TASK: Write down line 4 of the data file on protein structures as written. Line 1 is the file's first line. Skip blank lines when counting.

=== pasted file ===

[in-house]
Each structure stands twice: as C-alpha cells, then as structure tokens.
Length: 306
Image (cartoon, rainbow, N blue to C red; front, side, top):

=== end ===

Image (cartoon, rainbow, N blue to C red; front, side, top):